Vaginismus: Definition, Causes and Treatments

What is Vaginismus?

The sexual dysfunction can occur in both men and women and usually can be treated. It’s nothing to be ashamed of, and it’s not your fault. However, these disorders can interfere with their relationships and quality of life.

For example, some women have involuntary contractions of the vaginal muscles that usually occur just before intercourse, others also have these contractions at other times, such as when trying to insert a tampon or when touching near the vaginal area. This is called vaginismus. Contractions can prevent sexual intercourse or can make it very painful. However it does not interfere with the excitement of the person.

Experts do not know exactly how many women suffer from vaginismus, but the condition is considered to be uncommon, as established by the National Institutes of Health.

Types of vaginism

Vaginismus can be classified into two types:

Primary vaginismus, when vaginal penetration has not been achieved.
Secondary vaginismus, when vaginal penetration is no longer possible. This may be due to factors such as gynecological surgery or radiation.

According to the Women’s Therapy Center, some women develop vaginismus after menopause, when womenestrogen levels decrease. This causes a lack of vaginal lubrication and elasticity makes intercourse painful, stressful or impossible. In some women, this can lead to vaginismus.

Causes

There is not always a reason for vaginismus. The condition has been linked to sexual abuse, painful intercourse or past trauma and emotional factors. But in some cases, there is no direct cause that can be found. To make a diagnosis, the doctor will usually take a medical and sexual history, in addition to a physical examination. These stories can help you know the underlying cause of the contractions.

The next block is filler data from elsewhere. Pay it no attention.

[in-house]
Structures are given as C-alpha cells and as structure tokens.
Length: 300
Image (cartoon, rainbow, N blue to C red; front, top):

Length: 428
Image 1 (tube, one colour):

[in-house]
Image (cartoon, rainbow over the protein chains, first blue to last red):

Treatment

Vaginismus is a treatable disorder. The treatment is usually multifaceted, and will include education, counseling and exercises.

Sex education

Education usually involves teaching about its anatomy, what happens during sexual arousal and intercourse; in addition to information about the muscles involved in vaginismus. This can help demystify body parts and provide concrete information about how your body is responding. Counseling can be useful for you and your partner to work with a counselor specializing in sexual disorders. Relaxation techniques and hypnosis can also promote relaxation and help you feel more comfortable with sexual intercourse.

Vaginal Dilators

Your doctor or a counselor may recommend the use of vaginal dilators, but you should be aware that you can not use them without the supervision of a professional. There are cone-shaped dilators which are placed in the vagina and progressively become larger. This helps the vagina muscles stretch and become flexible, thus helping to have a better intimacy. After completing the course of treatment with the dilator game, you and your partner can try to have sex again.

Kegel exercises

Kegel exercises consist of the repetitive and relaxing contraction of the pelvic floor muscles, which control the vagina, rectum and bladder. You can contract these muscles when you are urinating, where after you start, you must stop the flow, in this way you are using the muscles of the pelvic floor, being able to feel that they contract and move up.

Practicing these exercises helps you regain control of when your muscles contract and relax. Follow these steps:

  1. Empty your bladder.
  2. Contract the pelvic floor muscles, and count to 10.
  3. Relax the muscles and count to 10.
  4. Repeat this cycle 10 times, three times a day.
  5. Be sure not to involve the muscles of your abdomen, buttocks or thighs when doing these exercises.